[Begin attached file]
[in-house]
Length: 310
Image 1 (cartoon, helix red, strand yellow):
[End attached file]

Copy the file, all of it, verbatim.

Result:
[in-house]
Length: 310
Image 1 (cartoon, helix red, strand yellow):